I know of many local companies that have conducted (and currently do conduct) hiring practices as such locally, many times hiring underqualified to woefully unqualified (and uneducated) individuals over hiring qualified to over qualified unemployed (and educated) professionals.

    Sadly, it’s all too common locally. When people coin the adage “It’s not what you know, it’s who you know”, it definitely fits the Rockford area job market.

    I’m not a litigious person, but in some ways, I can see this as a good thing for those whose time is wasted never having been a viable consideration as a qualified candidate from the minute they submit a resume package over the job being prematurely promised to a friend or acquaintance of someone of influence within that company.

    As someone who visits a lot of local small-to-mid sized businesses, it’s interesting to see the hiring trends in respect of applicant/workplace diversity, and whom are offered which types of jobs.

    I see this as a terrible thing, though, from the viewpoint of entrepreneurs who are trying to make a new or struggling small business profitable.

  2. Milton Waddams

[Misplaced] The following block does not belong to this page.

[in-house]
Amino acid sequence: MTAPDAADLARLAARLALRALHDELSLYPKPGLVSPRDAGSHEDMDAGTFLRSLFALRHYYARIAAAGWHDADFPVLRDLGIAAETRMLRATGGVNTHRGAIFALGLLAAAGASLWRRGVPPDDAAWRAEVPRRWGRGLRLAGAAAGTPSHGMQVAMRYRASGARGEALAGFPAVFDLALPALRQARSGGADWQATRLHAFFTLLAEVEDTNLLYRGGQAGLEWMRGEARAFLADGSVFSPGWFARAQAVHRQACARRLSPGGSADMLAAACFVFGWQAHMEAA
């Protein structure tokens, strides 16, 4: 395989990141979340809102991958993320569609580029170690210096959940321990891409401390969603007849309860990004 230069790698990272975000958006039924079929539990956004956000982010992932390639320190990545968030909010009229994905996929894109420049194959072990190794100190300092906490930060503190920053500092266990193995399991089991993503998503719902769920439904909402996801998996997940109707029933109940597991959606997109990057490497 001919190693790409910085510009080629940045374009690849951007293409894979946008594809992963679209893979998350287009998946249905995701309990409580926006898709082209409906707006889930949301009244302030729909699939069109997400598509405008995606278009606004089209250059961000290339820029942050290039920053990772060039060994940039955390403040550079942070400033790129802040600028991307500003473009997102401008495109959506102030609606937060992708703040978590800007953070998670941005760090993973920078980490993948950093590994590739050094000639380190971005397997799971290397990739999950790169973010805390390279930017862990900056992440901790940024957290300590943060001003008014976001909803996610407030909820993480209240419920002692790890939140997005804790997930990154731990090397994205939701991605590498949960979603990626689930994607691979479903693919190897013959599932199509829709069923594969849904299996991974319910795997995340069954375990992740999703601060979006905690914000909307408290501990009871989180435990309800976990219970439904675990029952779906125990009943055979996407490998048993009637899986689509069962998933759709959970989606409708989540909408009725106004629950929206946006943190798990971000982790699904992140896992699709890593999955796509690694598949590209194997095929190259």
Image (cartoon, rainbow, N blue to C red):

Talk about misrepresenting the problem. It isn’t that they have a bad interview. The problem is that they can’t even GET an interview. Many employers are now using current employment as a application criteria and state it plainly in the ads. It technically isn’ty illegal, but it is still wrong. Here’s an article that decribes the problem a bit better.
    http://www.nytimes.com/2011/07/26/business/help-wanted-ads-exclude-the-long-term-jobless.html?_r=0

    Now, don’t misunderstand me, I don’t think suing is the answer, but how is denying an unemployed person a chance to even interview solely on the basis of their current employment status even remotely ok?

  3. Craig Knauss

    My wife recently responded to an ad in our local paper and had an interview with a national retail firm. At the end of what she thought was a pretty successful interview, the recruiter told her that there weren’t any jobs. She was just creating a bank of qualified applicants for some time in the future. When my wife left the recruiter’s office she saw the whole waiting room was full of people that thought they actually had a chance of getting a job. My wife didn’t say anything to them, but now she wishes she had.

    Furthermore, when we get laid off, one of the conditions of collecting unemployment insurance is to look for a new job. How do we get one under the conditions that JGordon describes? People who are unemployed need a job more than those who already have one.

    • Ted Biondo

      When the government gets involved in the private company’s process, the productivity ultimately goes down, it becomes a litigious environment, raising the costs of products, which are passed on to consumers, making the business less competitive and eventually creating more unemployment!